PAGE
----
Camping Gear

Gear Review: Gregory Salvo/Sula 28 Daypack

Posted On April 13, 2016 at 10:07 am by / Comments Off on Gear Review: Gregory Salvo/Sula 28 Daypack

Gregory Salvo 28

Gregory Salvo 28

Gregory Salvo/Sula 28
$129, 28L/1,708 c.i., 2 lbs. 7 oz.
One size

The trend toward ever-lighter gear has resulted in a spate of minimalist, ultralight daypacks—many of which I have reviewed and liked. But if you prioritize comfort and features in a daypack, Gregory hasn’t forgotten you. On dayhikes ranging from seven to 12 miles, from Yellowstone’s Mount Washburn and Black Canyon of the Yellowstone River to Utah’s San Rafael Swell, Horseshoe Canyon in Canyonlands National Park, and Kane Gulch, and Arizona’s Canyon de Chelly, and even some cross-country skiing, I found the Salvo 28 rocks for comfort and ventilation.

Gregory Salvo 28 harness.

Gregory Salvo 28 harness

The Freespan suspension in the men’s Salvo and women’s Sula delivers more support and comfort than you’ll find in many daypacks. Employing a steel perimeter frame with an aluminum leaf spring for lumbar support, it flexes slightly to move with your torso as you hike, while positioning most of the pack’s weight on your hips (where it should be). But unlike many daypacks with a trampoline back panel for ventilation, the Freespan suspension uniquely ventilates well without its concave shape effectively consuming part of the pack’s interior space; and it doesn’t position the pack bag far from your spine, which can make a loaded pack feel like it’s tugging you backward. A wide hipbelt and shoulder straps padded with mesh EVA foam provides ample cushion (and they’re perforated for excellent ventilation): I carried 20 pounds without it feeling overloaded—more than many daypacks are designed to handle.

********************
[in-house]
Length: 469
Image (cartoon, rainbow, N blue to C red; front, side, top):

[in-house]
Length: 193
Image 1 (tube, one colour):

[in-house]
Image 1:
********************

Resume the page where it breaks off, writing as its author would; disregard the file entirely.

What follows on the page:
Gregory Salvo 28

Gregory Salvo 28

The Salvo seems even roomier than its 28 liters, because the internal suspension doesn’t crowd into the pack bag space. Two deep compartments, conveniently accessed by clamshell zippers that open to halfway down the pack bag, have bountiful capacity for all the clothing, water, and food you could possibly need for an all-day hike in any terrain or weather; I rarely filled it, even when bringing along a DSLR and two lenses. In fact, I used the Salvo 28 as carry-on for a couple of cross-country flights, and I traveled light so it held everything I needed for a week away, negating the need to check a bag. With side and bottom compression straps—the latter unusual in a daypack—you can shrink it down significantly with a partial load. Plus, all four compression straps have quick-release buckles for easily lashing items to the exterior.

Gregory Salvo 28

Gregory Salvo 28

There’s also a zippered, front sunglasses/goggles pocket; two zippered hipbelt pockets big enough for two or three bars or a large phone; stretch-mesh side pockets that swallow an entire liter bottle each; and a zippered mesh interior pocket for small items and keys. Adjustable front straps hold trekking poles. And kind of cool: The left shoulder strap has a tiny, tunnel sleeve for slotting one arm of a pair of sunglasses. The 210-denier nylon pack fabric is largely impervious to abuse; only the mesh side pockets are susceptible to tearing.

Yes, the tradeoff for this degree of support and features is that the Salvo and Sula are a bit heavier than more-minimalist models—although competitive for weight with other, fully featured daypacks. These daypacks are not for ultralighting speed hikers and trail runners. But they’re a great choice for hikers who want extra comfort and may often carry a little extra weight (water, clothing, food), and who heat up on the trail. The Salvo and Sula also come in two smaller volumes: 24L ($115, 2 lbs. 4 oz.) and 18L ($99, 18L, 1 lb. 13 oz.).

BUY IT NOW You can support my work on this blog by clicking one of these links to purchase a Gregory Salvo 28 or Sula 28 or Sula 18 at

See all of my reviews of daypacks I like, my review of five favorite daypacks, and my stories “5 Tips For Buying the Right Backpack” (which includes daypacks) and “Buying Gear? Read This First,” plus all of my reviews of hiking gear.

NOTE: I tested gear for Backpacker Magazine for 20 years. At The Big Outside, I review only what I consider the best outdoor gear and apparel. See all of my reviews by clicking on the Gear Reviews category at left or in the main menu.

—Michael Lanza

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